One hundred and thirty years later, the hotel is still a landmark in Pittsburg and is the oldest building in downtown. Hotel rooms have been renovated and converted over into a place for 44 low-income housing mixed with market rate apartments. The building now houses a restaurant, ice cream shop, barber and jewelry store. The Timmons Ballroom is a place for weddings and special events.
The pandemic placed a toll on the residents, said Darlene Brown, executive director of the Stilwell Heritage and Educational Foundation, which oversees the building.
“We shut down, we canceled anything that was booked,” Brown says. “It was a strain on everybody.”
Tenants were asked to wear masks.
The building is currently still locked to the public, Brown said earlier this summer.
Did it work?
A year after the task force was formed, there are barometers showing the weekly Zoom meetings paid off.
Neighborhood restaurants are busy. A new Dairy Queen is being built. Concerts have begun again in Pittsburg. Pittsburg State has had sports events. Four housing developments are under construction.
“In Crawford County, we don’t have a ton of resources, so when we have issues we have to pool our resources together and try to coordinate things,” says Byers. “It was hard on people. And people pushed back and didn’t want to wear the mask. But a lot of people overcame that. I’m pretty proud of that. There is a strong independence to it. We started realizing that … this is something we do for everybody. I’m wearing a mask not because the government is making you do it but because it is the right thing to do in this circumstance.”
Byers says there is proof it worked.
Pittsburg’s sales tax collections did not go down in 2020 – they went up more than 3%.
And in the first four months of 2021, tax receipts are up 9.5% compared with last year, Byers says.
Ideally, the task force leaders would like more residents to receive vaccinations.
“Right now, the numbers of vaccines have stalled,” McNay says. “One of the things the task force can do is go out and reach the individuals who maybe didn’t have access the first time or are still on the fence.”
But some of the most vulnerable residents – 78% of people 65 and older – have been vaccinated; 42% of Crawford Countians have been fully vaccinated and 47% have received at least one dose of the vaccine, according to the Kansas Department of Health and Environment.
“We’ve worked with 39 different businesses to go to the employer and vaccinate their staff,” McNay says.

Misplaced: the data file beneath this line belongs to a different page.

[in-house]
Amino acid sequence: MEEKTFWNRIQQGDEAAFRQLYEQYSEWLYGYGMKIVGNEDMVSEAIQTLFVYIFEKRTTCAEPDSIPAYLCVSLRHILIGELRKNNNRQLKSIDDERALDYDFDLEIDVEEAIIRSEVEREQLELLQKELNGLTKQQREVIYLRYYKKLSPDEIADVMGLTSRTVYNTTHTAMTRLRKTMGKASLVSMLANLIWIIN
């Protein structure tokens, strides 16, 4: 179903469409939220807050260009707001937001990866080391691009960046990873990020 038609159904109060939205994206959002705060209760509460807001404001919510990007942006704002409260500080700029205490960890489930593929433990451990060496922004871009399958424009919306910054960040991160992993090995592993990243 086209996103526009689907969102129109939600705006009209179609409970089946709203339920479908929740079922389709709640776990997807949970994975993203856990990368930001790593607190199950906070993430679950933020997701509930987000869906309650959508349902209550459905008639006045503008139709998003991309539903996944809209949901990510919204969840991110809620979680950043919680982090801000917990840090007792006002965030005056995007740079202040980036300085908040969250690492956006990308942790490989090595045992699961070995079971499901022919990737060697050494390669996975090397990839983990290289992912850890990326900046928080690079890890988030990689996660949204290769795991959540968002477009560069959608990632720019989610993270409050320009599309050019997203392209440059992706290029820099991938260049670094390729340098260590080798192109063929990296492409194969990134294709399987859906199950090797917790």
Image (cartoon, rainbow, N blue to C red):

Crawford County received more than $7 million in pandemic relief funding through the state.
“We worked with the county commissioners to educate the business community on what was available to help them identify and allocate the money,” McNay says. “That and educating the community on COVID precautions.”
Life in Crawford County
The pandemic brought Crawford County’s most famed local restaurants to a halt. And the journey back to normal hasn’t been easy.
Lana Brooks has been at Chicken Mary’s for 52 years. She is the manager and has never had a year like 2020. Crawford County is known internationally for its “chicken wars” between the Chicken Annie’s and Chicken Mary’s restaurants, which have been competitors down the street from each other for nearly eight decades.
In March 2020, both Chicken Mary’s and Chicken Annie’s closed down.
“We had no inside business at all,” Brooks says. “We were allowed – which we never had before – curbside service. So to stay in business, we generated a curbside where we actually ran out to people’s cars and put the food in with no contact. That way they could still eat our food but not be afraid of anything.”
The restaurant staff wore gloves and masks and used gallons of sanitizer.
“We’ve always used sanitizer but not to the level that we did and are still using,” Brooks says.
Life was pretty much the same at Chicken Annie’s, says Annie Cheney, who has worked at the restaurant for 25 years and says her job title is “survivor.”
“We still haven’t gotten back to the old normal but it’s feeling better, and the phone has started ringing again,” Cheney says.
Mother’s Day 2021 marked a turning point. The restaurants once again filled up and the catering business, which cratered at the height of the pandemic, is returning.
“We survived by doing our own laundry, keeping the furnace, air conditioning and lights off and doing our own yard work,” Cheney says.
But other restaurants took a worse hit. Jim’s Steakhouse in Pittsburg closed after 82 years but may reopen under new ownership.
“I think a lot of these restaurants and places are coming back. We had community members who very much care about these things remaining. And after the tough time, they supported them in ways that they could,” Naccarato says. “But we also had government funding that was able to help those businesses to navigate the PPP (Paycheck Protection Program) loan applications.
“We’ll come out of the pandemic in some ways stronger.”
The future of the task force, Byers says, is yet to be determined. But he believes the focus may pivot away from health issues and turn more to funding issues.
“It’s helpful to coordinate the federal funding that’s coming down the pike,” Byers says. “I think in the near future it is going to be one of our primary jobs for the task force. But if it is still going five years from now, I think it might try to morph into more of a planning organization. The people who are on the task force really represent a lot of the major stakeholders in the town. They have developed that relationship where there is a lot of trust.
“It’s also focused on the smaller communities that really don’t have any resources at all.”
- Inspiring a collective purpose is a leadership behavior that aims to energize others. Do you see it playing out in this story, and if so, where?
- How would you evaluate Crawford County’s success at adapting to the coronavirus pandemic? What metrics do you believe are most important to elevate?
- How would you evaluate your own community’s success in adapting to the pandemic? On what basis do you judge success or failure?
A version of this article appears in the Summer 2021 issue of The Journal, a publication of the Kansas Leadership Center. To learn more about KLC, visit http://kansasleadershipcenter.org. Order your copy of the magazine at the KLC Store or subscribe to the print edition.
Sign up for email updates about The Journal’s content.